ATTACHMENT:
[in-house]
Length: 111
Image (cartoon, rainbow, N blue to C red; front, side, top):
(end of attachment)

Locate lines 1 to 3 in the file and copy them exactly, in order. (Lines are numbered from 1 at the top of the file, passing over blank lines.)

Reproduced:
[in-house]
Length: 111
Image (cartoon, rainbow, N blue to C red; front, side, top):